by Bob Thomas
New Orleans has a new resident, and we shall see if it is a welcome addition.
Our new citizen is the Island Apple Snail, Pomacea insularum, a large freshwater snail that is almost two inches in diameter. It has taken up residence in canals on the West Bank, and is well enough established to be actively breeding.
There are five or so species of apple snails in the U.S., and only one Florida species is native. Florida hosts all the species, but they appear to be spreading and are expected to be found in most southern states. Being tropical species, they don’t tolerate cold temperatures well. All the non-native species found in our country are native to South America and are believed to have been accidentally released by aquarists.
At home in their preferred freshwater environs, they have steadily spread, and are believed to have been further distributed via floods and being swept down streams.
Oxygen exchange takes place with gills when underwater. If the water becomes low in oxygen, apple snails simply extend a siphon above the surface that is connected to a lung-like air sac. During drought, they may simply close the opening to their shell by withdrawing their foot and the operculum (a corneous structure that acts as a door), thus sealing their living quarters and hopefully enduring a period of dormancy.
Apple snails feed on vegetation, and the Island Apple Snail seems to prefer rooted plants that are abundant in their habitat. They may consume periphyton, the mats of algae that are common in wetlands. Unfortunately, they don’t eat water hyacinths and salvinia.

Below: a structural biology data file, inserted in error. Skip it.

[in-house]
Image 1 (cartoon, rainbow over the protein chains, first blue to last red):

They are fed upon by most animals that routinely eat aquatic invertebrates such as alligators, turtles, predatory fish, raccoons, otters, and the like.
Apple snails reproduce throughout the warmer months. They are hermaphroditic, each snail having both sexes. Mating, however, requires two snails. They crawl out of the water at night and lay pink, calcareous masses of about 1000 eggs above the waterline on firm objects in or near the water. The eggs whiten a bit as they near hatching, and the young leave the egg clusters and immediately enter the water.
There are two possible reasons for laying eggs out of the water: to avoid low oxygen, as periodically happens in many wetlands, and to reduce predation by aquatic critters.
Though we always fear the impacts of invasive species, there has been little evidence in Florida that they have hurt the native species, other mollusks, or wetland vegetation. If they become a problem, we can market them as a new ingredient for gumbo!